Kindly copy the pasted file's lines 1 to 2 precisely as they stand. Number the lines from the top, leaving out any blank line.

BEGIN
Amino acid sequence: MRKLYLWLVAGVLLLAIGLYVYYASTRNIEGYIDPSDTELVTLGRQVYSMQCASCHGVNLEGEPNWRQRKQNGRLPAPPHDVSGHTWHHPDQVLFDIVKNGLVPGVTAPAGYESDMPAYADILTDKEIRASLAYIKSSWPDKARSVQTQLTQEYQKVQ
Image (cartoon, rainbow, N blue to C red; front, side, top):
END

Amino acid sequence: MRKLYLWLVAGVLLLAIGLYVYYASTRNIEGYIDPSDTELVTLGRQVYSMQCASCHGVNLEGEPNWRQRKQNGRLPAPPHDVSGHTWHHPDQVLFDIVKNGLVPGVTAPAGYESDMPAYADILTDKEIRASLAYIKSSWPDKARSVQTQLTQEYQKVQ
Image (cartoon, rainbow, N blue to C red; front, side, top):